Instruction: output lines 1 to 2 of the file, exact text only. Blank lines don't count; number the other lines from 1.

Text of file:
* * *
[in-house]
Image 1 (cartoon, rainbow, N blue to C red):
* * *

[in-house]
Image 1 (cartoon, rainbow, N blue to C red):